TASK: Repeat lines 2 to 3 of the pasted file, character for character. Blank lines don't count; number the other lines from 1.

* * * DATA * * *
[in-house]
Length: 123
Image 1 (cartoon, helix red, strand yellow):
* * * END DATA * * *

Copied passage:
Length: 123
Image 1 (cartoon, helix red, strand yellow):